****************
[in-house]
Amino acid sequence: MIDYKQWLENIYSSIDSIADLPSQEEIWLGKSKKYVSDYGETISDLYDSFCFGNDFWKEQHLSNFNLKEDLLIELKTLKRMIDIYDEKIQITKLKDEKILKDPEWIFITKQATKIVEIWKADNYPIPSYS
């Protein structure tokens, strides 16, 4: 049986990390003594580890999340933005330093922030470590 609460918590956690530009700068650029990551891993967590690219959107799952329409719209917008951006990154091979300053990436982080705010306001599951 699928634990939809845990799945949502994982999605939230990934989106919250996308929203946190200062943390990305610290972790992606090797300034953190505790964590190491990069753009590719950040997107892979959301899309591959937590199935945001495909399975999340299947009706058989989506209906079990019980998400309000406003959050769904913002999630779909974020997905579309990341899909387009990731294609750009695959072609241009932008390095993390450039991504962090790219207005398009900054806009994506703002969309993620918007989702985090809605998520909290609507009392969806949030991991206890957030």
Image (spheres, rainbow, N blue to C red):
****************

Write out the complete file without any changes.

[in-house]
Amino acid sequence: MIDYKQWLENIYSSIDSIADLPSQEEIWLGKSKKYVSDYGETISDLYDSFCFGNDFWKEQHLSNFNLKEDLLIELKTLKRMIDIYDEKIQITKLKDEKILKDPEWIFITKQATKIVEIWKADNYPIPSYS
């Protein structure tokens, strides 16, 4: 049986990390003594580890999340933005330093922030470590 609460918590956690530009700068650029990551891993967590690219959107799952329409719209917008951006990154091979300053990436982080705010306001599951 699928634990939809845990799945949502994982999605939230990934989106919250996308929203946190200062943390990305610290972790992606090797300034953190505790964590190491990069753009590719950040997107892979959301899309591959937590199935945001495909399975999340299947009706058989989506209906079990019980998400309000406003959050769904913002999630779909974020997905579309990341899909387009990731294609750009695959072609241009932008390095993390450039991504962090790219207005398009900054806009994506703002969309993620918007989702985090809605998520909290609507009392969806949030991991206890957030």
Image (spheres, rainbow, N blue to C red):